Just a very quick one with Preview5.

I encountered this gotcha whereby the project’s name in the solution explorer doesn’t match that of the folder name.

I’d had a change of heart on the project name but of course the folder on disk doesn’t change automatically.

Once I’d renamed the folder and then proceeded to fix the path in the .sln file this error went away.

tl;dr project folder name and project name in the solution explorer seemingly have to match up at present

Using GitLab to host both the source control and perform CI/CD, we will take a blazor project and build it and then proceed to deploy it on Netlify.

This article presumes that you have some familiarity with the following:

  1. GitLab for source control (See here)
  2. GitLab for CI/CD (See here)
  3. Netlify CLI for deployment (See here)

1. Using the current SDK 3.0.100-preview4-011223 (See here), create a new blazor (client-side) project called ‘testproj’:

mkdir testproj
cd testproj
dotnet new blazor

2. Now create a file called .gitlab-ci.yml and add it to the project root with the following content.

stages:
    - build
    - deploy

build:
    image: mcr.microsoft.com/dotnet/core/sdk:3.0.100-preview4-alpine3.9
    stage: build
    script:
        - dotnet restore
        - dotnet publish -o build
    artifacts:
        paths:
            - build/testproj/dist/

deploy:
    image: node:latest
    stage: deploy
    script:
        - node --version
        - npm --version
        - npm install netlify-cli -g
        - netlify deploy --dir=build/testproj/dist/ --prod

3. Create a manual site on Netlify and obtain your personal Netlify auth token (from User settings) and your site’s API ID (Site settings > Site details > API ID) to be added to the CI/CD for “testproj”

4. Create a project on GitLab for ‘testproj’ and add the variables from before as NETLIFY_AUTH_TOKEN and NETLIFY_SITE_ID respectively and then hit ‘Save variables’ once completed.

5. After setting up the source control and committing the previous code, you should have a pretty basic but serviceable build system performing CI/CD of a client-side Blazor app to Netlify.

On the odd occasion you wish to debug Seed method code which has been executed from the Package Manager Console using the Update-Database command, a quick and dirty method is to add the following code:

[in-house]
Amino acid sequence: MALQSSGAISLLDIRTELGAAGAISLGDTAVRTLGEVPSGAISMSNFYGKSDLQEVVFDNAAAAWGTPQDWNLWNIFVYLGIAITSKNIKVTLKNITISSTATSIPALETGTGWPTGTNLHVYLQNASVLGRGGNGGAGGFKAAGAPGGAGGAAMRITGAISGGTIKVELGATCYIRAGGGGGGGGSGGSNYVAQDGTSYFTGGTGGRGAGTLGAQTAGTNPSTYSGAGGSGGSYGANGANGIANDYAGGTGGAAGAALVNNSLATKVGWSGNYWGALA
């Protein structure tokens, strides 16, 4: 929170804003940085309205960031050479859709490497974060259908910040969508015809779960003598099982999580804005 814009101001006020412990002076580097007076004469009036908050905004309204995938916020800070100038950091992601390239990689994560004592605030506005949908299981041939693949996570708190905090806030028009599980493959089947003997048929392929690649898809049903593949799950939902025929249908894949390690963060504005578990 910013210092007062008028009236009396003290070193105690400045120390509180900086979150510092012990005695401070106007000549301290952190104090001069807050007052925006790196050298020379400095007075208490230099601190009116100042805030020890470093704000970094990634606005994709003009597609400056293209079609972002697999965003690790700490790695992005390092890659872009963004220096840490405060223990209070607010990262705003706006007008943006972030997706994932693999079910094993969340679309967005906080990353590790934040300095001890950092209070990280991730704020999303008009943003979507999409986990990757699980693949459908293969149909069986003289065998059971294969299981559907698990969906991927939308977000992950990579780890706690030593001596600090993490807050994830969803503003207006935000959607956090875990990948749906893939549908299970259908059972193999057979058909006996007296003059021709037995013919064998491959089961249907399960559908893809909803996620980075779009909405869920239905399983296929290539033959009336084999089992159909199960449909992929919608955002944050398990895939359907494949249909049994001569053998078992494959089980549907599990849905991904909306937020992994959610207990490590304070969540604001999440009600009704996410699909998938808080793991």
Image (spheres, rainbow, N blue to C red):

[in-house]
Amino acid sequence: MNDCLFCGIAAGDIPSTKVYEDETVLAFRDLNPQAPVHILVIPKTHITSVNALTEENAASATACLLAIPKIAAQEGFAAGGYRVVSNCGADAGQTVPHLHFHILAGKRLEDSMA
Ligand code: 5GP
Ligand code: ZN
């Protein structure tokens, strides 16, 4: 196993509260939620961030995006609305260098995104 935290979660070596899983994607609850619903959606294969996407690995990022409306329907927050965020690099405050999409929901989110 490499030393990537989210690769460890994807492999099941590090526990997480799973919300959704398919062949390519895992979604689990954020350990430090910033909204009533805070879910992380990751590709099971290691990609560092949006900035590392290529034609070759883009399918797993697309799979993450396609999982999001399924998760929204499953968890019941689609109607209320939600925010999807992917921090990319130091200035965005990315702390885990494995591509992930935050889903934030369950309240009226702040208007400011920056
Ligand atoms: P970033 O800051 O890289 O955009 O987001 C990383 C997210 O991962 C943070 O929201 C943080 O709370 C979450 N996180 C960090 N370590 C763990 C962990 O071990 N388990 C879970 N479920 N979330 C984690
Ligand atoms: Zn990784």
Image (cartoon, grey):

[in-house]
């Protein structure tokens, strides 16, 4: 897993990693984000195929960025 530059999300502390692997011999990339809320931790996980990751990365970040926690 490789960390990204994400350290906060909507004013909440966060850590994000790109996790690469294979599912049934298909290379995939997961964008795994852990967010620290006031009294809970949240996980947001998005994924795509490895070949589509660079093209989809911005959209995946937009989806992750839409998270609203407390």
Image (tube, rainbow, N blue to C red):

if (!System.Diagnostics.Debugger.IsAttached)
{
	System.Diagnostics.Debugger.Launch();
}

Yes it’s dirty! It will however fire up a new Visual Studio debug window and allow you to see what’s going on inside.

When running an ASP.NET Core website in IIS, you may experience the following error:

“HTTP Error 500.19 – Internal Server Error” (Code: 0x8007000d)

The following article describes the error as being “This problem occurs because the ApplicationHost.config file or the Web.config file contains a malformed XML element.”:

This comes down to the presence of the following tag:

<aspNetCore processPath=".\MyWebsite.exe" stdoutLogEnabled="false" stdoutLogFile=".\logs\stdout" />

You’ll need to install the “ASP.NET Core/.NET Core: Runtime & Hosting Bundle” on to the server. This is found on the .NET downloads website and can be located by following the link at “Can’t find the file you want? Find more in .NET Core 2.2 downloads.”.

Here’s a small code snippet to use Http Range Requests with ASP.NET Core butchered from this now outdated MSDN article:

using System.IO;
using System.Text;
using Microsoft.AspNetCore.Mvc;

namespace WebApiRangeTest.Controllers
{
    [Route("api/[controller]")]
    [ApiController]
    public class RangeController : ControllerBase
    {
        private static readonly byte[] _content = Encoding.UTF8.GetBytes("abcdefghijklmnopqrstuvwxyz");

        public IActionResult Get()
        {
            MemoryStream stream = new MemoryStream(_content);

            if (stream == null)
            {
                return NotFound();
            }

            return File(stream, "text/plain", enableRangeProcessing: true);
        }
    }
}